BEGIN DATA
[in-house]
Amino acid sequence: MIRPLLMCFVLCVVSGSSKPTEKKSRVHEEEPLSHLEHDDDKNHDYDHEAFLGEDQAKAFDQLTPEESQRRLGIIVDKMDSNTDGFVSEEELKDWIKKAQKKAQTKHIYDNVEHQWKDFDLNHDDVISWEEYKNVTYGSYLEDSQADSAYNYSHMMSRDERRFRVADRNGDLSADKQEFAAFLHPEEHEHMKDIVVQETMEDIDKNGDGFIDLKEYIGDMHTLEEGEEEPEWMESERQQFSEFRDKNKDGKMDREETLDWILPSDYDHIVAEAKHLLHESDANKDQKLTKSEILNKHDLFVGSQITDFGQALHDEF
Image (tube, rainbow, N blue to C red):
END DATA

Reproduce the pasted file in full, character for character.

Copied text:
[in-house]
Amino acid sequence: MIRPLLMCFVLCVVSGSSKPTEKKSRVHEEEPLSHLEHDDDKNHDYDHEAFLGEDQAKAFDQLTPEESQRRLGIIVDKMDSNTDGFVSEEELKDWIKKAQKKAQTKHIYDNVEHQWKDFDLNHDDVISWEEYKNVTYGSYLEDSQADSAYNYSHMMSRDERRFRVADRNGDLSADKQEFAAFLHPEEHEHMKDIVVQETMEDIDKNGDGFIDLKEYIGDMHTLEEGEEEPEWMESERQQFSEFRDKNKDGKMDREETLDWILPSDYDHIVAEAKHLLHESDANKDQKLTKSEILNKHDLFVGSQITDFGQALHDEF
Image (tube, rainbow, N blue to C red):